FYI, this is now being dumped into a promotions inbox so if you aren’t getting it, then it might be there.
I realize that you probably can’t read this if you’re not getting it, but oh well. This is all I’ve got.
This Week in Our Dumb World
This is what it looks like to engage with a problematic history. This is what it looks like to come out with hope.
It had been nearly 50 years since the University of Wyoming banished 14 black players from its football team, but the decades-old dispute was all Tom Burman could think about as he guided his car across the grain-colored plains stretching from the Denver airport to campus.
The university’s athletic director had spent the previous night in Orlando watching the players — known as the “Black 14” — accept an award and explain how they had been kicked off the team in 1969 after trying to ask their coach if they could wear black armbands during an upcoming game. They had wanted to show solidarity against racism at a time when civil rights protests were common on the nation’s college campuses.
Instead, they were immediately banished, sending many of their lives into turmoil. Some transferred away from Wyoming, others left school, never to return and never to receive a degree. Burman hurt for the men as he heard how they had been villainized throughout the state as insubordinate and ungrateful, how most fans sided with their white coach and his strict “no protest” policy.
Over beers at the hotel bar later, Burman listened as the players, now in their 60s and 70s, talked of keeping tabs on their former team’s wins and losses, even though most had not been back on campus in decades.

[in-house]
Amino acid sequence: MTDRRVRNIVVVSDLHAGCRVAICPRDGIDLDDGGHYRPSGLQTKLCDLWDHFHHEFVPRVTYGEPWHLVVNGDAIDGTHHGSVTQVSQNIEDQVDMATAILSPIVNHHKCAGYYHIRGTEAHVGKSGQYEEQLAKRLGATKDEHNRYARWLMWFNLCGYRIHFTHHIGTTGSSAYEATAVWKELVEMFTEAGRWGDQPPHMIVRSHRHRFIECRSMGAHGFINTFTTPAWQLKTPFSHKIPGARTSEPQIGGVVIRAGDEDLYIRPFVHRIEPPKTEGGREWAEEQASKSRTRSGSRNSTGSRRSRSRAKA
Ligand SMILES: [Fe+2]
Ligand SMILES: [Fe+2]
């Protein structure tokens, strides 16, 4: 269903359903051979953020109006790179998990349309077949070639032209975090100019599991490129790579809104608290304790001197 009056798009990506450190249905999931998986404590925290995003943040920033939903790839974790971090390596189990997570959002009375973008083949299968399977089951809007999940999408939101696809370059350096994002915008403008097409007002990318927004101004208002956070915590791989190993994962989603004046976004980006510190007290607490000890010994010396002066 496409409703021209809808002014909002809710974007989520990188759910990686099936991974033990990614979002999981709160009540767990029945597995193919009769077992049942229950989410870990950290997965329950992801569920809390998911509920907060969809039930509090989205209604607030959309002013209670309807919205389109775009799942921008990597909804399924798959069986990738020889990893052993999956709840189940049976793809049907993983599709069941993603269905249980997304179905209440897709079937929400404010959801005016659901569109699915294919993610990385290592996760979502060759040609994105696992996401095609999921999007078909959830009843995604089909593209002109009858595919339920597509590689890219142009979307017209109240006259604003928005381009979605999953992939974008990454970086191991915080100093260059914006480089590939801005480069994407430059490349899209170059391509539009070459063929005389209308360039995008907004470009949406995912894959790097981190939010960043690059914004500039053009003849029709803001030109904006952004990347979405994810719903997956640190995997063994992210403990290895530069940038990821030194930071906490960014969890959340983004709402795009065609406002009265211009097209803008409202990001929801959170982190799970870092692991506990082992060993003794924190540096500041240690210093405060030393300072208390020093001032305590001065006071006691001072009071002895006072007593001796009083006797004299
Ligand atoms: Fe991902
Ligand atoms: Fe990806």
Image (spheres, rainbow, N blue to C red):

“I thought to myself: These guys, they don’t have a school,” Burman said. “As simple as that was, that was important to me.”
And so, as he drove back to campus in September 2017, Burman decided he had to do something. As it turned out, the school’s president at the time, Laurie Nichols, had been thinking the same thing, working to educate herself on the Black 14 scandal, which remained perhaps the most divisive incident in the school’s 132-year history. When Burman mentioned the idea of trying to repair the university’s relationship with the players, Nichols readily agreed.
“It is a time when universities are really grappling with their histories,” Nichols said. “We can’t go back and change history, but there are times when you can come back and have an appropriate response to it.”
Speaking as a veteran of the restaurant industry, this sounds like absolute unmitigated hell.
With that in mind, I expect it to become universal within 5 years.
There’s also the question of what happens to the aggregate information Presto Vision and other similar tools collect. Even if the underlying videos get deleted, the data lives on. At franchised restaurants like Outback, it could be vacuumed up by parent organizations, and used to make business decisions in the future. In a press release, Presto touted its software could be employed to provide “remote, immediate visual access across multiple locations, and a high-level view of performance metrics and noteworthy events across brands for large restaurant chains.”
"These are legally separate firms, they have no oversight or responsibility for working conditions or wages," says Brian Callaci, an economist and researcher at Data & Society who has studied franchising. But technology like Presto Vision would potentially allow them to "monitor and control activity supposedly at legally independent businesses." Jones, from Evergreen Restaurant Group, did not immediately return a request for comment about if and how the data collected by Presto Vision would be shared within his organization, or with Bloomin' Brands, Outback Steakhouse's parent company.